Is obesity a "per se" disability? One court says no.

A panel of the U.S. Court of Appeals for the Eighth Circuit ruled this week that obesity is not a "disability" within the meaning of the Americans with Disabilities Act -- even as amended in 2009 -- unless the condition was caused by some underlying physiological disorder.

Biggie Size.flickrCC.SarahRoseCohen

In addition, if the individual develops a medical condition because of the obesity (such as diabetes or hypertension), then the resulting medical condition could be a disability.

The plaintiff, Melvin Morriss, was offered a job with BNSF Railway. When he went for his post-offer medical examination, it turned out that he had a Body Mass Index of 40.9 (he was 5'10" and weighed 285 pounds). BNSF withdrew the job offer based on a policy against hiring anyone with a BMI of 40 or higher on the ground that such individuals were likely to develop medical conditions that BNSF didn't want to have to deal with.

A BMI of 25 to 29.9 is considered "overweight," and a BMI of 30 or higher is considered "obese."

Apart from his weight, Mr. Morriss reported no medical conditions or limitations.

After Mr. Morriss sued BNSF under the Americans with Disabilities Act, a federal court in Nebraska granted summary judgment to BNSF on the ground that Mr. Morriss was not "disabled." Mr. Morriss appealed to the Eighth Circuit, which affirmed. The EEOC and the American Association of Retired Persons filed amicus ("friend of the court") briefs on his behalf. On BNSF's side were the U.S. Chamber of Commerce, the Equal Employment Advisory Council, the National Federation of Independent Business, and the Small Business Legal Center.

Curly Fries.flickrCC.ericmolina
Court says: If these are the only reason you're obese, and if they haven't killed you yet, then you don't have a disability.

The panel found that Mr. Morriss was not disabled because he had no underlying medical condition that caused his obesity, or any medical conditions that had resulted from it. The court found that he wasn't "regarded as" disabled because there was no evidence that BNSF "regarded" him as anything other than someone with a BMI that was too high. Refusing to hire someone because of the fear that his unhealthy habits could lead to health problems later was not a violation of the ADA, either, the panel said.

The panel specifically rejected the position taken by the EEOC in its Compliance Manual that "obesity alone" could be an ADA-protected impairment if the individual was, say, twice his or her normal weight ("more than 100% over the norm"). The panel said there was no authority in the ADA for the agency's position and that it contradicted regulations previously issued by the EEOC. And, anyway, Mr. Morriss was heavy, but he wasn't that heavy -- to be twice his normal body weight, he would have had to weigh almost 400 pounds.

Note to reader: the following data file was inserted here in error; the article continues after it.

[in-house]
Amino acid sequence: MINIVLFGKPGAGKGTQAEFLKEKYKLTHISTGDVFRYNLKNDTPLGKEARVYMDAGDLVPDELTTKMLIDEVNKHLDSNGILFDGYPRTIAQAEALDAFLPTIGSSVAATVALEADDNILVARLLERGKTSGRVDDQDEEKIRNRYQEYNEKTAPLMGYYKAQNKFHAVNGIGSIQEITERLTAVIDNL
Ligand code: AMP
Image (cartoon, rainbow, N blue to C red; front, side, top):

The panel also refused to follow another court decision involving BNSF, which I've written about here, in which the Montana Supreme Court ruled that morbid obesity was a protected disability regardless of its cause or effects. (The Montana court used the ADA Amendments Act to interpret a state disability statute.)

As wellness programs take increased importance, this is a big (sorry!) issue to follow. Will other courts agree with this panel? We'll see.


Ellen Kearns, co-chair of our Wage-Hour Practice Group and a frequent contributor to this blog, has an in-depth analysis of the Supreme Court's recent decision in Tyson Foods v. Bouahakepo.

Barbara Kihumba of our Immigration Practice Group explains how the U.S. Department of Homeland Security has extended the Optional Practical Training time allowed for qualified nonimmigrant students with STEM degrees.

Image Credits: From flickr, Creative Commons license. Wendy's "biggies" by Sarah Cohen-Rose; $6 plate of curly fries by Eric Molina.

Robin Shea has 30 years' experience in employment litigation, including Title VII and the Age Discrimination in Employment Act, the Americans with Disabilities Act (including the Amendments Act). 
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